Updated: Apr 28, 2020
On Saturday 25th April I shared an online workshop for Paradigm Explorers London. This was part of a series of workshops on building resilience in association with the Scientific and Medical Network. The workshop was surrounding the importance of self-compassion to cultivate resilience as we navigate our way through the current pandemic. In the workshop I define self-compassion, share research to support the benefits of it and also discuss some common misconceptions. I also offer a meditation practice based on self-compassion, which will also be available in my new book, Resilience: Navigating Loss in Times of Crisis.
In this post I will share an introduction to compassion, self-compassion and some of the myths surrounding our definition and understanding of compassion. I'll be offering more posts on this topic in the folloiwng weeks!
What is compassion?
The word compassion literally means to ‘suffer together’. It is an ability to empathise and recognise that difficulties and pain are a part of life and then having the desire and willingness to reduce the suffering of ourselves, others and the world.
It is an unconditional, non-judgmental quality. Everyone deserves compassion, we are not compassionate based on how good or bad we are as a person, but we offer compassion because we are all worthy of receiving kindness, forgiveness and care. This is based on the belief that we all have a fundamental, inherent goodness about us. We understand that a person’s actions and choices often stem from their own struggles and pain; we all make mistakes or hurt ourselves and others through our actions. So, compassion is interlinked with an ability to forgive ourselves and others and let go of things like resentment or feelings of anger.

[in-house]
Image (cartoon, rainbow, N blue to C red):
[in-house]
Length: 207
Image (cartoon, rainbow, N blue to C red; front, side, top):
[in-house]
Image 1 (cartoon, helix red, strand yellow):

We know, from experience, that offering unconditional forgiveness and compassion can be very difficult. That is because we hold expectations, values and beliefs for ourselves and others. If those are compromised then we might start to feel judgement towards others.
However, the research has shown that we have a tendency to be more self-critical and much harder on ourselves than on other people. Ironically, when we are going through difficult experiences, we tend to treat ourselves far more unkindly than we would treat a loved one in similar circumstances. Often underlying this self-criticism is a fear of disapproval, losing the acceptance or love from others – and this can increase the presence of negative emotions such as shame, guilt or unworthiness.
Before we can have true compassion for others, we need to foster compassion for ourselves and be willing to actively alleviate our suffering through conscious practices. I feel very passionate about this topic because I've always thought myself to be quite a compassionate person, but self-compassion has been difficult. In the past, I held a lot of beliefs that it's not okay to make mistakes, there has been self-judgement and a very strong inner critic. So, bringing awareness to this inner critic, be-friending it and offering self-compassion has been hugely transformative for me. It's an ongoing practice which feels especially important right now, considering our current circumstances.
Self-compassion is helpful for alleviating difficult emotions such as fear, anxiety, loss and grief and because we are going through a very turbulent time, individually and collectively, this calls for us to offer a lot of kindness and compassion towards these difficult emotions. If we find it difficult to be present with our suffering, or the parts of us that are in pain–then it is very difficult to be with the pain or suffering of others and the world.